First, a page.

Though, for them to be politicized and institutionalized at all, they must precede the articulation of their existence. They become, once recognized and constructed—for a myriad of state-interested purposes—politicized and institutionalized not by the very articulation alone, but as a result of past grievances and an overall disconnection from the avails afforded, it is assumed, other cultural collectives.

Identity Politics
founders on the contradictory principles that underlie liberalism: universal equality and the inviolable right to individual freedom. Yet, as is natural with the variety of human cultures, self-interested collectives fortify their inviolable rights to freedom, assuming that a standard of universal equalization is being actualized.

This, however, is not the case. Because, again, the variety of human cultures trends to a heterogeneity of outcomes and, therefore, a heterogeneity and hierarchy of rights to freedom and equality, cultural collectives outside the articulated realm of equality rights will inevitably agitate for particular self-interested concessions.

If Identity Politics are to be denied, it is on the supposition that a variety of human-cultural collectives are also to be denied, which, regrettably, is on the supposition that an ethnic/homogenous, rather than a civic/heterogeneous, national consciousness is more viable as an instrument of statecraft. This cannot be a realistic proposition given that it denies heterogeneity--a variable that is a priori to any honest discourse-theoretic.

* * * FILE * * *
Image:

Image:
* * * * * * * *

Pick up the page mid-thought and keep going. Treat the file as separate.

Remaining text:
Monday, January 03, 2005

Interesting Fact

Texas, Arizona, and New Mexico were offered as war prizes to Mexico, by the Germans, if they declared war on the United States. Shortly after, on April 2, 1917, President Woodrow Wilson demanded from Congress a declaration of war against Germany. The days of neutrality were over and the U.S would enter the Great War.

Sunday, January 02, 2005

The Ends of the World as We Know Them